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From ancient Egyptians to our beloved Winnie the Pooh, honey harvesting has been happening in our civilisation for a guesstimated 4500 years now, and we know well that a smackerel of honey not only sweetens a friendship and a cup of tea, but is a powerhouse of antioxidants with antibacterial and healing properties capable of boosting the immune system and soothing the common cold.

Bees themselves, apart from their enviable work ethic and brilliant architecture, are now endowed with the massive responsibility of pollinating the planet — and some say they hold the future of our food security, biodiversity and healthy ecosystems in their tiny, sticky hands.

So, what happens when bees go bad?

We’ve all encountered the final wrath of a dying Apis mellifera, a sting sharper than a thankless child — and potentially fatal for those prone to anaphylaxis. As much as we appreciate the benefits of bees, we don’t always love them living in close proximity and the removal of swarming bees is an issue for many people living in rural and semi-rural areas.

Local bee-keeper Dave McCormick has been ‘doing bees’ since he followed his dad around the farm as a little tacker and although he humbly calls himself a hobbyist, his understanding of the art of apiary is both intuitive and experienced. He explains what happens when a swarm of unwelcome bees take up residence at your home.

“When the hive outgrows an area, the queen and 40-60% of the workers leave, and they take approximately 5 days worth of food with them, enough so they can establish a new colony. She leaves a baby queen behind to replace her.”

The bees will cluster on a nearby object, usually a small tree or shrub, although Dave has seen them set up house in pots, walls, statues and all kinds of places. The swarm will often remain for a day or two while the worker bees search for a new home.

“I’ve heard a lot of misinformation of Facebook about what to do when a bee swarm lands on your property, there’s a few rogues out there doing the wrong thing too.”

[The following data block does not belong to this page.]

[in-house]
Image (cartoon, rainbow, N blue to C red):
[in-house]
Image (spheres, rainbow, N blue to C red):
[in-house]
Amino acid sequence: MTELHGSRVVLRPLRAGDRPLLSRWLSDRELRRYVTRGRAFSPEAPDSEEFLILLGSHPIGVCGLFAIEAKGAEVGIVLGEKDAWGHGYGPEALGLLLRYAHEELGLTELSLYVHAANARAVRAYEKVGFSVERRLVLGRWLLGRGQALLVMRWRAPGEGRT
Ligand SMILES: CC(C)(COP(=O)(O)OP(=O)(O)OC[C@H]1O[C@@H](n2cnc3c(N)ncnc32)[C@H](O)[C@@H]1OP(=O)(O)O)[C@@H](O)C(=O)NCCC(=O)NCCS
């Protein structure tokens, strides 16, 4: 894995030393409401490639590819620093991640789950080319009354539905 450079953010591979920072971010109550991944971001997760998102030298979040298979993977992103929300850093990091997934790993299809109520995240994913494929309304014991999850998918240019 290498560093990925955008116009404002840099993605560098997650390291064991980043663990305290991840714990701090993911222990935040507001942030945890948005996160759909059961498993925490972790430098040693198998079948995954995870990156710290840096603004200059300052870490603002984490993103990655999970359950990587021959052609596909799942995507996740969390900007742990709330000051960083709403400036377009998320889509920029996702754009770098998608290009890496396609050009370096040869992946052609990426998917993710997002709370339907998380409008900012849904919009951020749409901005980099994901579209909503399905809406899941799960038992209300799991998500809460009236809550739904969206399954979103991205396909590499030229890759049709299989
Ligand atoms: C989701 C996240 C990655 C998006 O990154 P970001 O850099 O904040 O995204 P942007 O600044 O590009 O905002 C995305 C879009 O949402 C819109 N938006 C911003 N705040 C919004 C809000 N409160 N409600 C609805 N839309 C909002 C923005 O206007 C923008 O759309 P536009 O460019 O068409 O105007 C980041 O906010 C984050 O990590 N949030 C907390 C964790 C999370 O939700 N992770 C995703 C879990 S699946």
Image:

If a bee swarms on your property, stay calm and don’t provoke them. The best thing to do is have them removed — and this is where knowing Dave comes in handy.

“My dad got me into bees. He was a farmer near Albany. His idea of bee keeping was a lot different to mine, but he used to do some smart things. We would catch swarms when his hives were low and he taught me how to bring them to ground.

“So basically, you get a sheet of tin and you bang it with a metal rod to simulate thunder. Bees don’t fly inclement weather, so they come to ground, because it’s all about protecting the queen.

“Then he’d send me over, just in my normal clothes — and this is where I got my no fear from (of bees), and then I’d put a potato sack around the swarm when it came down, then tie it off, put a bit of water on it, put it under a tree. That’s if one of his hives was empty. And because they were a bit feral, he’d actually buy a queen to replace the old one and funnily enough he was buying Rottnest queens back then.

“In 9 weeks that hive would become that queen, they’d go from feral and black — nasty — to nice and golden and gentle. He kept nice bees!”

Life has come full cycle for Dave who shares he is just about to make a major investment — an artificially inseminated Rottnest Island queen bee to improve genetics across his apiary.

An interesting aside for those who thought Rotto’s pristine waters were just for holidaying — here’s the buzz — the isolation of Rotto actually makes it the ideal location to breed a genetically pristine colony of bees! Each year around 600 virgin queens are taken to the island for mating with selected well-bred drones. Because drones can only fly around 12 km, there’s no risk of interaction with wild bees or those carrying disease.

The resulting fertilised queens are worth up to $1000 each, and are sought after in the beekeeping community.

Dave explains that the problem with many wild bee swarms is actually in-breeding- making the queen ‘cranky’. In well maintained hives beekeepers add new queens with diverse and docile genetics making the hives easier to work with — therefore making it easier to extract the honey. As Winnie the Pooh says, “The only reason for being a bee is to make honey. And the only reason for making honey is so I can eat it.”

While Dave’s full-time job is head bee-keeper at Fewster’s Honey in Muchea, his side hustle is building up his own hives — and in his spare time he’s more than willing to save the bees (I mean my honey) by rescuing and relocating unwanted swarms.


“If it’s a seriously tricky job I charge people. Up at New Norcia I had to cut a wedge about 8 feet long in a tree to remove a nasty swarm that was stinging the road workers. I charged for that!”
“But if someone has a swarm hanging from a tree, I’d rather me come and take it than let it go into their wall. Sometimes I’m happy to just get money for fuel — the old car doesn’t run on free diesel!”

Dave sells his raw bush honey under the brand McCormick Honey (a business in which he is in partnership with his son) and it’s available at the Northern Valleys Locavore Store in Bindoon as well as other local shops. On Saturday mornings he can often be found doing the rounds at Willowbank Caravan Park and he will even deliver on special request.